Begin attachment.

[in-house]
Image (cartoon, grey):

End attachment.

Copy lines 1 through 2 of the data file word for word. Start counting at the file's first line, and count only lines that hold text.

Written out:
[in-house]
Image (cartoon, grey):